• # "The Best Number Ever" Review

Hi, CiO friends!

In an earlier article, I talked about the creative writing mission "I love Python". Today I will be looking into another creative writing mission: "The best number ever".

The mission is simple. Write a function that returns any number. But try to describe why your number is the best. For example, Sheldon Cooper from The Big Bang Theory thinks that 73 is the best number ever and he can explain why.

Let's look at what CheckiO players say about their favorite numbers.

And @Amachua opens our article this week with his "Dictionary" solution. He collected an interesting set of names and people, but this solution is still far from completion. So propose your new ideas to the author in the comments and maybe later we will see "The complete Dictionary of the best numbers" by @Amachua.

The next solution, written by @Faibbus, will introduce us to The Most Amazing, Ancient, and Singular Number Wau.

`def checkio( *data):    from math import sqrt, cos, pi    from random import randrange, seed    seed("Wau is the best number ever !")     Wau = 42. / ord('*')  # divide 42 by anything...     assert Wau == int(Wau), "Your number isn't an integer"     for i in xrange(1337):        assert Wau == (Wau**i+Wau)/(sqrt(Wau)-cos(pi*Wau**i)) , "Your number isn't great enough... (%i)"%i     for i in xrange(13**2):        assert not (randrange(1337**42)-int(pi**i))%Wau , "Your number lacks randomness... (%i)"%i     gold_ratio = (sqrt(5) - 1)/2     n=randrange(0xD15EA5E/0xFEA12)    for i in xrange(0xB4B3):        n = Wau /(Wau + n)     assert abs(n - gold_ratio) < 1e-6 , "Your number doesn't prettify anything... (%f) (%f) (%f)"%(n-gold_ratio, n, gold_ratio)     """\    But wait, there's even more,         Wau: The Most Amazing, Ancient, and Singular Number        see https://www.youtube.com/watch?v=GFLkou8NvJo    """    return int(Wau)`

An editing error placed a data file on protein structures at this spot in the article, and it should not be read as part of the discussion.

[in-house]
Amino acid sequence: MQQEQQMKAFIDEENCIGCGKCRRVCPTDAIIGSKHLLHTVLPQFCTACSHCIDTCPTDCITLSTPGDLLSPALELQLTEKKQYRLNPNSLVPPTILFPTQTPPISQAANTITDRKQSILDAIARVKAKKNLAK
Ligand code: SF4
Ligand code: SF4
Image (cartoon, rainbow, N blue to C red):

@grigoriytretyakov's written an essay with variable names to prove "16 is the best number ever".

`def checkio():    i = 16    in_hex_has_only_1_and_0 = not bool(set(hex(i)[2:]) - set('01'))    oct_twice_bigger_than_hex_in_10_radix = int(oct(i)[2:]) / int(hex(i)[2:]) == 2.0    convert_to_hex_to_str_give_two_in_bin = int(hex(i)[2:], 2)    count_of_0_in_4_times = bin(i)[2:].count('0') / hex(i)[2:].count('0')    and_2_in_power_4_give_stil_16 = 2 ** count_of_0_in_4_times​    best_number = (        in_hex_has_only_1_and_0 and        oct_twice_bigger_than_hex_in_10_radix and        convert_to_hex_to_str_give_two_in_bin and        count_of_0_in_4_times == 4 and        and_2_in_power_4_give_stil_16 == 16    )​    if best_number:        return i`

If you're looking for a nice story to read to the kids, then you can take on @Juge_Ti's "Secret Magic Number" short novel. I don't want to spoil it for you, so you'll need to run the code if you want to know the secret number.

@HonzaKral proved Sheldon's version "Inspired by BrainF**k"

`OPS = {    '0': lambda _: 0,    '+': lambda buf: buf + 1,    '<': lambda buf: buf * 10}​def bf(it):    buf = None    for i in it:        buf = OPS[i](buf)    return buf def checkio():    'And the best number ever is...'    return bf("0+++++++<+++")`

And for dessert, this funny solution comes from @StefanPochmann "I'm sure you'll agree".

`checkio=lambda:int('https://www.youtube.com/watch?v=dQw4w9WgXcQ'.split('=')[1], 36)`